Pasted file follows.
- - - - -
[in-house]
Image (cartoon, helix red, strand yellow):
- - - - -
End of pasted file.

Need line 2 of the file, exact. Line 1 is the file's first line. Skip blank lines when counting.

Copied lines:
Image (cartoon, helix red, strand yellow):